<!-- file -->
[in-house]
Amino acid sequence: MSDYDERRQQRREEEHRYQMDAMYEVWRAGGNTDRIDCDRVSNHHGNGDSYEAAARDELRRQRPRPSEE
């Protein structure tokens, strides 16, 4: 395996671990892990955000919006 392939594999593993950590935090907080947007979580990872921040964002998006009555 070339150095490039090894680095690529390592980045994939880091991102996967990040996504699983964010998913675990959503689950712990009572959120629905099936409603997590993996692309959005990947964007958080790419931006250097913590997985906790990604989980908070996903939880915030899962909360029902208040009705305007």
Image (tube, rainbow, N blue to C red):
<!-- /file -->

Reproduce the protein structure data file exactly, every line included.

[in-house]
Amino acid sequence: MSDYDERRQQRREEEHRYQMDAMYEVWRAGGNTDRIDCDRVSNHHGNGDSYEAAARDELRRQRPRPSEE
């Protein structure tokens, strides 16, 4: 395996671990892990955000919006 392939594999593993950590935090907080947007979580990872921040964002998006009555 070339150095490039090894680095690529390592980045994939880091991102996967990040996504699983964010998913675990959503689950712990009572959120629905099936409603997590993996692309959005990947964007958080790419931006250097913590997985906790990604989980908070996903939880915030899962909360029902208040009705305007």
Image (tube, rainbow, N blue to C red):